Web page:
Favorite Things: Heavy-Duty Sheet Pans
When you move out of one house and into another, things are bound to be misplaced. Or lost. Or simply forgotten. Recently I was at my mom’s looking for something else entirely in the basement cabinets when much to my dismay I found a stack of eight, count them EIGHT, heavy duty sheet pans. And there they are!! I shouted out loud even though no one was around.
Somewhere in the recesses of my mind I knew she had these sheet pans and I knew that we hadn’t seen them since the move a year and half ago. But the loss had not made it into consciousness yet. When I told Mom over the phone of the discovery, she too said, Well THERE they ARE! As though she had been looking for them for months on end.
These are technically half sheet pans with a 1-inch rim, and they are constructed with heavy aluminized steel. At Tante Marie’s there were tall stacks of them in each kitchen and they all got used, washed, and reused in constant rotation all day, every day. What I love about these sheet pans is that they are exceptionally solid; they don’t warp and bend and burn like the thinner, cheaper pans do. I’ve told all of my pans by now that if they can’t take the heat, they’re out.
Chicago Metallic makes an excellent pan, which is sold at Sur la Table along with their own high-quality Platinum Professional pans. Then there are the Goldtouch nonstick coated pans from Williams-Sonoma, which I love not just because I love Chuck Williams, but because they perform like nobody’s business. I have one each of the Goldtouch half sheet and quarter sheet pans and two cake pans, and they make for non-stick perfection when it comes browning evenly and to the right shade of golden. Even Cook’s Illustrated has rated them as a favorite.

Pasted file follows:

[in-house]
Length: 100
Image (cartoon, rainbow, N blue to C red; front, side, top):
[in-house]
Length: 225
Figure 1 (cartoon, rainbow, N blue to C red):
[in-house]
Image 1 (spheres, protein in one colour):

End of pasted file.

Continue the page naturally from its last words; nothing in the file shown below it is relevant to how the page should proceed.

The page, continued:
The standard half sheet pan (a.k.a. jelly roll pan) and the quarter sheet pan are worthwhile investments. Every time I go for my thick, Goldtouch quarter sheet pan, I’m kind of thrilled that I have it for small jobs. The pans last for years, too. The large quantity of heavy pans my mother bought were for a baklawi bake-off she conducted for my brother’s wedding almost ten years ago, then she gave us each a pan to add to our collections. They are all scored with the markings of baklawa diamond cuts (what perfectly small pieces she cut!) and are none the worse for wear. It’s like a patina on the pans, a message that tells me these are pans that like to be put to good use, and for very important work indeed.
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